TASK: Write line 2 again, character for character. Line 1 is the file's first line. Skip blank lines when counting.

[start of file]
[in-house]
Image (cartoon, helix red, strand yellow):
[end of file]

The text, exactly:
Image (cartoon, helix red, strand yellow):